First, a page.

This book collects Serif Mardin's seminal essays written throughout the span of his prolific career. Comprising some of the author's finest and most incisive writings, these essays deal with the historical background, political travails, and socioeconomic metamorphosis of Turkey during a century of modernization.
With his characteristic sophistication and breadth of vision, Mardin provides readers with a remarkably objective analysis of ideology, civil society, religion, urban life, and violence in late Ottoman and Republican Turkey.
Mardin moves easily from sociological topics on violence and class-consciousness to the history of the Ottoman Empire, and the philosophy and culture of modern Turkey within the greater Middle East. These influential pieces-collected for the first time in one volume-represent an invaluable addition to the field of Middle East studies.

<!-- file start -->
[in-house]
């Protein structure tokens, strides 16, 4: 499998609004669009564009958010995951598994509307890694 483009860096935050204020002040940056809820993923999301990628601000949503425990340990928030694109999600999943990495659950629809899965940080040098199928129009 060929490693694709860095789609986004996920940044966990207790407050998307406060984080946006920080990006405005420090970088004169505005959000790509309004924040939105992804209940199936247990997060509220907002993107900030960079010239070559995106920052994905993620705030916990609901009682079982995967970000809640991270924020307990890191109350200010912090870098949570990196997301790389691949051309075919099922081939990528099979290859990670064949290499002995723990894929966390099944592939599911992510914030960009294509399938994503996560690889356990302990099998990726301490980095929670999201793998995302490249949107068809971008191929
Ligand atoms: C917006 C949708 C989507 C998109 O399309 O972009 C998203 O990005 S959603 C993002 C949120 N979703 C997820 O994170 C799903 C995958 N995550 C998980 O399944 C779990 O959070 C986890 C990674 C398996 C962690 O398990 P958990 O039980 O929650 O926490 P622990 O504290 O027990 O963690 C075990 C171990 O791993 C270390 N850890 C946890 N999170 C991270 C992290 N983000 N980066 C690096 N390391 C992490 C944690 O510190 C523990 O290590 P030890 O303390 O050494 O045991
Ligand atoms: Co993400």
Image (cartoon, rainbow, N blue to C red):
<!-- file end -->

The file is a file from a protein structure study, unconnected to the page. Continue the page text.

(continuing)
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Serif Mardin served as the chair of Islamic studies in the School of International Service at the American University in Washington, D.C., for more than a decade. He is the author of The Genesis of Young Ottoman Thought (also published by Syracuse University Press), Religion and Social Change in Modern Turkey, and editor of Cultural Transition in the Middle East.
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